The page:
Solar-powered water splitting is a promising means of generating clean and storable energy. A novel catalyst based on semiconductor nanoparticles has now been shown to facilitate all the reactions needed for ‘artificial photosynthesis’.
In the light of global climate change, there is an urgent need to develop efficient ways of obtaining and storing power from renewable energy sources. The photocatalytic splitting of water into hydrogen fuel and oxygen provides a particularly attractive approach in this context. However, efficient implementation of this process, which mimics biological photosynthesis, is technically very challenging, since it involves a combination of processes that can interfere with each other.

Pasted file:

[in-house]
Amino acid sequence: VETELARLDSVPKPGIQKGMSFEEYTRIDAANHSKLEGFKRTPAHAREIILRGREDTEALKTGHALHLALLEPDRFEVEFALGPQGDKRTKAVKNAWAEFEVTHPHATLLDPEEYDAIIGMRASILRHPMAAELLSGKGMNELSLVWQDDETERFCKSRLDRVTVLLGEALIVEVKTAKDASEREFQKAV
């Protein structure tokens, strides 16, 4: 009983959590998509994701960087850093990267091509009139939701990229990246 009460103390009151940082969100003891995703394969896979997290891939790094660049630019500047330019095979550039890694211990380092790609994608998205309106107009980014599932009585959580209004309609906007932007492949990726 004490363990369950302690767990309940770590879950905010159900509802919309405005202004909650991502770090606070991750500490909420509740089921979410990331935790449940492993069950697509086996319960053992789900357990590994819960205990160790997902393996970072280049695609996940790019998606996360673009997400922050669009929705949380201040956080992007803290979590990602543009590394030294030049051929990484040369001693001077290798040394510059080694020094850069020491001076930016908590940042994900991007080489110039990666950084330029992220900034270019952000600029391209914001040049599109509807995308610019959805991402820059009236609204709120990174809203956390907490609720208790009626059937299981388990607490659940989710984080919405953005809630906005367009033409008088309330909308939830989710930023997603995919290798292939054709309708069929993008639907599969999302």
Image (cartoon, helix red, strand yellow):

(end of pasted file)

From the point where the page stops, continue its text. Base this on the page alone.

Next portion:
Now, LMU physicists led by Dr. Jacek Stolarczyk and Professor Jochen Feldmann, in collaboration with chemists at the University of Würzburg led by Professor Frank Würthner, have succeeded in demonstrating the complete splitting of water with the help of an all-in-one catalytic system for the first time. Their new study appears in the journal Nature Energy.
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